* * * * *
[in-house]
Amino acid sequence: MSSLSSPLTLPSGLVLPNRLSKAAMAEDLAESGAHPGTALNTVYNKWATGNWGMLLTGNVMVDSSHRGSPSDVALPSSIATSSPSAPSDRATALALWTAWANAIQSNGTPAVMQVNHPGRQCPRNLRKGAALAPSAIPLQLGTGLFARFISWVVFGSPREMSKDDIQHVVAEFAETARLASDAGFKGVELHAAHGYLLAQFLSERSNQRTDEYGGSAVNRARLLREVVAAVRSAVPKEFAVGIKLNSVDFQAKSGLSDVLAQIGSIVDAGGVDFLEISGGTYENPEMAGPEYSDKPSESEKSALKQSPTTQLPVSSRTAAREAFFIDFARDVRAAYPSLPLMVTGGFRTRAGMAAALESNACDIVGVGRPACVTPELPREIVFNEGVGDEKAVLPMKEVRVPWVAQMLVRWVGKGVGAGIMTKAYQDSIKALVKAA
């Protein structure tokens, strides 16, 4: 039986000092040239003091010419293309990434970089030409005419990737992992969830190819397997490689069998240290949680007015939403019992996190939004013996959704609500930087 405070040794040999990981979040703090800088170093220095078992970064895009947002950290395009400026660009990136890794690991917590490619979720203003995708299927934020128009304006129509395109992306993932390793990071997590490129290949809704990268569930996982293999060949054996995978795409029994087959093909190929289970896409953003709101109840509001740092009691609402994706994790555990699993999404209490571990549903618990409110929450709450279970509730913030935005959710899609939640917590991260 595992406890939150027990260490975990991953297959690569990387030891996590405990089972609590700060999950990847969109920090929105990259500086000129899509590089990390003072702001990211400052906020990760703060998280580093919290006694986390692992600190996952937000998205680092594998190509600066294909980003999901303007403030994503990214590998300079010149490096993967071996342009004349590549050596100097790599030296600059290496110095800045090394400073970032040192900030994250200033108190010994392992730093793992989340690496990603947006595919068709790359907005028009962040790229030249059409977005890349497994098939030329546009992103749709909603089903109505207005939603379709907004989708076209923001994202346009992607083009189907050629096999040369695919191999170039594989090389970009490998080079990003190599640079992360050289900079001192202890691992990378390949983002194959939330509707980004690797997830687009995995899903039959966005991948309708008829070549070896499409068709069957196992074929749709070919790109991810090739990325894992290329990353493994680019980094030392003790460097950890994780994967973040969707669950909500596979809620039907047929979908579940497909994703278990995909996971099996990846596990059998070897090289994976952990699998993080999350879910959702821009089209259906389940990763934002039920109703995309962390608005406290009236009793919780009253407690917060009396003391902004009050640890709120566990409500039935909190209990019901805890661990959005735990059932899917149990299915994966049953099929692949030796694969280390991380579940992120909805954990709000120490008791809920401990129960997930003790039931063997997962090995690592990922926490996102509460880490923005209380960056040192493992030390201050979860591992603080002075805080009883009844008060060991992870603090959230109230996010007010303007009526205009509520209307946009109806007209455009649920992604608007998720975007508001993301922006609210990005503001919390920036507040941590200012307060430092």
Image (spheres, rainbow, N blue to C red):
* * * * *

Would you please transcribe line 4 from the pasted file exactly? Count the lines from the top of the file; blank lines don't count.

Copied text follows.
Image (spheres, rainbow, N blue to C red):